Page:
Knowing how to program with bash scripting languages makes our interaction with the Linux OS easier, productive and (based on IBM’s page)fun.
Bash is a free software Unix shell written for the GNU Project. Its name is an acronym which stands for Bourne-again shell. The name is a pun on the name of the Bourne shell (sh), an early and important Unix shell written by Stephen Bourne and distributed with Version 7 Unix circa 1978, and “born again”. Bash was created in 1987 by Brian Fox. In 1990 Chet Ramey became the primary maintainer.
Bash is the default shell on most systems built on top of the Linux kernel as well as on Mac OS X and it can be run on most Unix-like operating systems. It has also been ported to Microsoft Windows using Subsystem for UNIX-based Applications (SUA), or POSIX emulation provided by Cygwin and MSYS. It has been ported to MS-DOS by the DJGPP project and to Novell NetWare.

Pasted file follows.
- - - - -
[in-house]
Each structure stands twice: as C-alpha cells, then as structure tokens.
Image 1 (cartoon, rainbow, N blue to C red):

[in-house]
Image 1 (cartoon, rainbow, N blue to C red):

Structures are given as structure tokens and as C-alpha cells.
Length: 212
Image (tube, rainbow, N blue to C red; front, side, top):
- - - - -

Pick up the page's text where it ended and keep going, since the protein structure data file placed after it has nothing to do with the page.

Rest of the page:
The improvements offered by BASH include:
- Command line editing
- Unlimited size command history
- Job Control
- Shell Functions and Aliases
- Indexed arrays of unlimited size
- Integer arithmetic in any base from two to sixty-four
The official bash manual is available online at www.gnu.org/software/bash/manual/.